Despite the Swedish label for which this disc was recorded, and despite the Swedish origins of the group's leader, the Dowland Consort is English. It has a lot of competition in the realm of instrumental music by John Dowland, but less so for the seven linked pieces that open the program, based on the material used in the famous lute song Seven Teares. (This disc was originally recorded in 1985.) These seven pieces (and the pair of sevens would have had deep significance for Dowland's audience) are unique in Renaissance instrumental music.
Both the music and this actual product are masterpieces. John Dowland's collected works here - covering 12 compact discs - exhibit the depth and power of this composer, a composer who many now regard as suffering from clinical depression. I doubt that the issue of the diagnosis of Dowland's depression can ever be settled, however, it is certainly obvious from his music, so completely on display here, that he was a man with very dark depths and corners in his mind. Dowland's various manifestations and "takes" on his own tune, "Flow my tears"/"Lachrimae" are here. This tune has haunted me ever since I first heard it when I was a child. It seems to sum up Dowland's feelings - at least Dowland seems to have thought so.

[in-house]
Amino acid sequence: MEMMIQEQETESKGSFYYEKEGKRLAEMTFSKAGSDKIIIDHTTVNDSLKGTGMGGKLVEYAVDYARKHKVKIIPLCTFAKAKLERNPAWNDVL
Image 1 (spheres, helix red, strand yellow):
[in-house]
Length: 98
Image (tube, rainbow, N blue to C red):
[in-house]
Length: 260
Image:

The story revolves around Hassan, who is studying Arabic calligraphy from a grand master. Coming across a fragment of manuscript, Hassan goes in search of the missing pieces, believing that once he finds them, he will learn the secrets of love. With the help of Zin, a lovers’ go-between, he meets the beautiful Aziz, Princess of Samarkand. After encountering wars, a battle between false prophets and an ancient curse, he learns that an entire lifetime would not suffice for him to learn the many dimensions of love.